Grow-A-Along: Barley and Wheat Part 1

Growing grains in the garden is not common, but has increasing interest due to the “self-sufficiency” ideals and movements springing up during the COVID-19 pandemic. Of course, such ideals are hard to reach without a lot of land to dedicate to grains that may be better suited for other crops such as potatoes or vegetables. So why grow grains anyways?

At our place we started with sorghum as a feed (stalks/leaves) and treat (seed heads) for the sheep. Then we expanded into trying out wheat after discovering some growing wild. The planting was a success and the sheep got to enjoy the wheat stalks while we kept the seed for growing future plantings. From there it sprang into having barley, as we like to eat barley but we don’t need (or want) to eat it every week, so a small plot could cover what we do eat. We started with 12 seeds (out of 25) sourced from the Kusa Seed Society and grew 3 ounces from that for planting this year.

Both wheat and barley can be useful to supplement our goals of having barley stew sometimes and having some stalks as feed treats for the sheep. It also allows us to have an additional crop for garden rotations. Further the wheat and barley grew nicely to cover and keep weeds down, making it easier to clear and plant the next crops after they were harvested. If we are able to grow a good yield this year, we could also use the barley and wheat in other ways. Barley can be used as a koji to make miso. While wheat can be ground into flour and baked into breads or muffins. And ultimately, it can be fun to grow new plants.

Source of barley seed: Kusa Seed Society (Note their order form instructions!) or Great Lake Staple Seeds, which has a lot of Kusa’s seed varieties for sale every year.

Source of wheat seed: Found growing wildly on the street here, but another source includes Southern Exposure Seed Exchange or Territorial Seeds’ wheat collection.

Johnny Seeds also has both wheat and barley seed in their catalog.

**NOTE that spring wheat and barley varieties are best planted in spring; while winter barley and wheat varieties are best planted the fall/autumn year before harvest. However, they’ll grow as long as they’re planted in spring.

Checking Soil Temperature:

Soil temperature will govern if your seed will sprout and how long it will sprout. All seeds have a set of conditions required in order to begin growth. To check your soil temperature a thermometer can be used to check if you have one. Or you can get an estimate from several websites that map out soil temperature conditions. We use Syngenta to get a rough idea.

Planting Seeds:

Barley Planting: 6 to 9 inches apart in rows equally apart

Wheat Planting: 6 to 9 inches apart in rows equally apart

We prefer to plant seeds in a grid formation or at least in measured lengths. Broadcasting seed can be done but you will need more seed to ensure weeds don’t take over the plot. Plus broadcast seeds may be a feast for birds who see what you’re doing. If you’re in a semi-arid or dry area, ensure the soil has moisture before planting. Consider planting wider spacings in drier areas as well to save water.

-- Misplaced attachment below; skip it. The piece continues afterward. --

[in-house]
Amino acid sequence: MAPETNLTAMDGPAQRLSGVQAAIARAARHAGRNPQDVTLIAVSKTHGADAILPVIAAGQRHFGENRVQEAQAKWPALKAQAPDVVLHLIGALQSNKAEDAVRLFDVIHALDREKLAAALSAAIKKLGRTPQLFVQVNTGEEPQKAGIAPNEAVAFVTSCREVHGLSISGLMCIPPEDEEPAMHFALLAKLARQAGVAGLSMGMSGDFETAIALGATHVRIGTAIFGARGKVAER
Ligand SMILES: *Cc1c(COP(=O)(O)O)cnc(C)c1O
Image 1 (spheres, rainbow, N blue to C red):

When to Plant: For the Central Texas region both barley and wheat can be planted as “winter”, where they are planted September to November for harvest in spring. If planting in spring, plant as soon as the soil starts to warm in late January to February for harvest late spring. Both barley and wheat will sprout in cold conditions, but are good to germinate in the 45F-55F (7C to about 13C) temperature range given the early, high heat of summer in Texas. For other locations, consult the Ag. Extensions in your province/state by searching “Barley/Wheat planting times in [Your province/state]”.


Date of Planting for Barley here: 11/29/2021

Date of Visible Emergence: 12/06/2021

Estimated Growing Degree Days to emergence: 150-165

Second Barley planting: 01/01/2022

The barley emerged uniformly but suffered from armadillo damage due to digging. This has resulted in some barley growing nicely over December but the damaged ones are further behind. Some barley plants also died due to the damage, along with the wheat plot being very damaged. To remedy the damage and start a new, the wheat plot was redone and rewatered and planted with some more barley. This second planting has not yet emerged, but will likely do so in 2-4 weeks depending on the weather. Below is the first emergence of barley, it comes out as a single leaf, looking like a regular grass.


Date of Planting for Wheat here: 12/07/2021

Date of Visible Emergence: N/A, armadillo damage

Date of Second Planting: 01/01/2022

A local armadillo caused massive damage to the wheat and barley plots. While the barley plots were able to hold on and keep growing with some tending, the wheat plot was in effect tilled by the digging armadillo over December. The plot was left fallow and cayenne pepper/water mix was applied to the perimeter in the last week of December. This appeared to work and a replanting was done in a newly watered plot on January 1st. Castor oil was bought and will be applied during January to help further deter the armadillo from digging in the garden. Below is the garden plots as of roughly the time of writing, the barley visible with the damaged areas being seen as less growth or absence. Hopefully by Part 2, the plots will have all emerged and grown some more!


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